“Through the ’50s and well into the ’60s, African-Americans bought the Green Book [The Negro Motorist Green Book: An International Travel Guide] and other guides. But just being on the highway could be a frightening experience.
“In the summer of 1960, Irene Staple’s parents drove her to Anniston, Ala., to give her a look at their roots and to teach her a lesson in present-day life in the Deep South.
” ‘By the time we got to Raleigh-Durham there was a tension in the air,’ Staples remembered. ‘By the time we got to Alabama I was hysterical.’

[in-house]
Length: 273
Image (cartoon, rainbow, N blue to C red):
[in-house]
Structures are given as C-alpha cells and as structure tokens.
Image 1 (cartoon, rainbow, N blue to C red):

“Shell Oil had provided the family with detailed road maps and a list of all the Shell stations along the route. When the family returned to New York, Staple’s father returned his credit card to the company. Shell stations in the South had refused to serve him because he was black.”
— From “Divided Highways: Building the Interstate Highways, Transforming American Life” by Tom Lewis (2013)